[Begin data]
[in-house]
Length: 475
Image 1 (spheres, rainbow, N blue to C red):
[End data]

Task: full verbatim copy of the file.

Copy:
[in-house]
Length: 475
Image 1 (spheres, rainbow, N blue to C red):